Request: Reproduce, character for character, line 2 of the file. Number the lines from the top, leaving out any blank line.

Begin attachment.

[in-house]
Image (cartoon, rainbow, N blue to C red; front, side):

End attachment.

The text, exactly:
Image (cartoon, rainbow, N blue to C red; front, side):